Ever wonder how much a professional triathlete eats? Me too. So for the first time in my triathlon career, I logged all my food for a week. Then I busted out some spreadsheet action and summed up the results here, booyah! What I discovered was more than just a number of calories consumed. I realized how my approach toward eating for performance has evolved since my college running days.
To start, here’s a summary of the week’s data:
Timeline: Seven days in April, three weeks prior to Wildflower
Stats: 32 years old, 6 feet 1 inch tall, 178 pounds, married, hairy chest
Training: 6 swims, 5 rides, 6 runs for 26 hours total. Note: Not typical, an XL week for me.
41,400 calories total, 5,900 per day. Get in my belly!
Smallest day: 5,400, Monday
Biggest day: 6,500, Friday (including a 3,300 calorie Friday Night Binge, see below)
7,600 calories, almost 1,100 per day of just peanut butter and jelly—OH MY GOD I HAVE A PROBLEM.
19 Picky Bars. It pays to be CEO.
(It literally pays only in bars.)
13 bowls of cereal: Panda Puffs and Gorilla Munch. Yes, I’m 32 years old.
3,600 calories of First Endurance EFS and Liquid Shot and 2,800 calories of Ultragen. Thank god for sponsorship.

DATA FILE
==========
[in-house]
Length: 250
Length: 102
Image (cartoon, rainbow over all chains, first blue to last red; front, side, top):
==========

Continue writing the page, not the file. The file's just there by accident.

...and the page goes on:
The “typical” day
No two days were the same, but this is what I’d call average.
Breakfast: Two peanut butter and jelly rice cakes, bowl of cereal, two eggs, First Endurance MultiVitamin and Optygen HP
Workout: First Endurance EFS and/or Liquid Shot, if low intensity, supplement with Picky Bar(s), aim for 200–400 calories per hour,
lots of water
Recovery: First Endurance Ultragen, banana or Picky Bar
Lunch: Chicken sandwich, goat cheese and guacamole, Pop Chips with more guacamole, apple
Snack: Picky Bar or peanut butter and jelly rice cakes or both
Workout & Recovery: Same as above
Dinner: Pad Thai or sushi or gluten-free pizza or hamburger and fries, etc., salad or some cooked veggies
Dessert: Two peanut butter and jelly rice cakes, bowl of frozen berries, usually another bowl of cereal, honestly
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The Friday Night Binge (approximately 3,300 calories)
Just to show you that it happens to all of us, regardless of competitive level, here’s my “pro” binge:
Bacon/avocado hamburger, fries and onion rings with lots of ketchup
One strong craft beer (9.5 percent alcohol) that, thanks to my prodding younger brother, turned into four strong craft beers.
3 bowls of cereal, each with a generous portion of chocolate chips on top—when you’re out of ice cream, you’ve got to be creative.
So that’s the summary. But what’s the method behind this madness? Well, after hours of staring at spreadsheets like Neo at the Matrix, I eventually came to the following conclusions:
What I don’t think about:
Calories: Believe it or not, I haven’t counted calories in years. Back in my Stanford track days, I felt a lot of pressure to maintain a low weight, so I tracked my calories, aiming for a near-perfect diet. It worked in spurts. But when I failed, I beat myself up, which led to more unhealthy eating and weight fluctuations. It was a vicious cycle.